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Overview

cultural diffusion

A social process resulting in the transfer of beliefs, values, and social activities (e.g. games or sports) from one society to another.

cultural diffusion

cultural diffusion   Quick reference

The Oxford Dictionary of Sports Science & Medicine (3 ed.)

Reference type:
Subject Reference
Current Version:
2007

... diffusion A social process resulting in the transfer of beliefs, values, and social activities (e.g. games or sports) from one society to...

cultural diffusion

cultural diffusion   Quick reference

A Dictionary of Sports Studies

Reference type:
Subject Reference
Current Version:
2010
Subject:
Social sciences, Society and culture
Length:
230 words

... diffusion The spread of a particular cultural form or practice—such as sport, or music, or food—from one social and political context to another, on the basis of contact between different societies. In sport, it has been widely asserted that an Anglo-Saxon or British model of sport was, through the formal Empire and political rule, and the informal Empire and trade networks, diffused worldwide. The assumption of the diffusion approach is that contact equates with spread, in an almost automatic or organic way. But cultural forms develop differently...

cultural diffusion

cultural diffusion   Quick reference

A Dictionary of Gangs

Reference type:
Subject Reference
Current Version:
2019
Subject:
Social sciences, Sociology, Law
Length:
101 words

... diffusion When a culture is spread beyond its point of origin. In relation to gangs, a process of cultural diffusion occurred beginning in the 1980s. Gang style is now a mainstream style, and music favoured by gang members, such as gangsta rap , is now popular music. The mass media are responsible for the diffusion of gang culture throughout the United States, and the diffusion of gang culture is partially responsible for more youth self-identifying as gang members, as well as the further criminalization of gangs. Further reading: C. L. Maxson , ...

cultural diffusion

cultural diffusion  

Reference type:
Overview Page
A social process resulting in the transfer of beliefs, values, and social activities (e.g. games or sports) from one society to another.
Mythology

Mythology   Reference library

An Oxford Companion to the Romantic Age

Reference type:
Subject Reference
Current Version:
2009
Subject:
History, modern history (1700 to 1945), Literature
Length:
4,714 words
Publisher:
Oxford University Press

...Richard Payne *Knight , who preferred a polygenetic, and often a polytheistic, account of cultural origins. Both diffusionism and anti-diffusionism reveal a common taxonomic agenda of reducing the heterogeneity of cultures to a common standard, whether based upon revelation or reason. New knowledge of non-Christian religious traditions served to deepen the sceptical currents established by Renaissance scholars, revitalizing the Greek and Roman pantheons and introducing a plethora of new, now mainly oriental deities into the European image-repertoire. The pagan...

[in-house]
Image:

Utopianism

Utopianism   Reference library

An Oxford Companion to the Romantic Age

Reference type:
Subject Reference
Current Version:
2009
Subject:
History, modern history (1700 to 1945), Literature
Length:
4,929 words
Publisher:
Oxford University Press

...that Britain had undergone a process of rapid and extensive social transformation in which the naturally virtuous mores of a closely knit, largely agricultural society were being supplanted by more selfish, impersonal, aggressive manners dominated by money-getting and the diffusion of luxury goods. *Satirists found much to sustain them in the rising social expectations of tradesmen. Concern was widespread that unabashed greed, accompanied by a sharp growth in the *national debt , spelt the irrevocable decline of civic as well as private virtue, and...

20b The History of the Book in Britain, 1801–1914

20b The History of the Book in Britain, 1801–1914   Reference library

The Oxford Companion to the Book

Reference type:
Subject Reference
Current Version:
2010
Subject:
History, Social sciences
Length:
5,058 words
Publisher:
Oxford University Press
Illustration(s):
1

...Society and the *Religious Tract Society . Strict sabbatarianism gave rise to Sunday newspapers and to programmes of respectable reading for boys and girls. Similarly, the secular utilitarian ideologies of free trade and political economy, espoused by the Society for the Diffusion of Useful Knowledge (SDUK), were widely promoted in its Penny Magazine and other publications. At the other end of the political spectrum, radical political ideas circulating in the first two decades of the 19 th century grew out of a profoundly literate working-class...

Music

Music   Reference library

An Oxford Companion to the Romantic Age

Reference type:
Subject Reference
Current Version:
2009
Subject:
History, modern history (1700 to 1945), Literature
Length:
5,344 words
Publisher:
Oxford University Press

... *military bands ]. Key elements in the development of modern popular music (expansion, diversification, and nationalization) can hardly yet be discerned. If the success of Romantic music was undoubted, it still awaited exponents of charisma and entrepreneurs capable of wide diffusion. Paganini came in 1831 , defining virtuosity; Liszt toured the provinces in 1840–1 , and his successors perfected large playing to large audiences. But it was only in the 1830s and 1840s that British musical life began to move towards modern patterns of organization. John...

27 The History of the Book in the Iberian Peninsula

27 The History of the Book in the Iberian Peninsula   Reference library

The Oxford Companion to the Book

Reference type:
Subject Reference
Current Version:
2010
Subject:
History, Social sciences
Length:
6,196 words
Publisher:
Oxford University Press

...Castellanos and their more popular Colección Austral, launched in 1937 by their Buenos Aires office during the Spanish Civil War. The Second Spanish Republic ( 1931–6 ) brought in a policy of promoting books and of integrated publishing that supported education and the diffusion of culture. Intellectuals associated with the Institución Libre de Enseñanza (Free Institute for Teaching) and members of La Generación del 27 (The Generation of 1927 ) founded important periodicals: the Revista de Occidente , directed by the philosopher José Ortega y Gasset...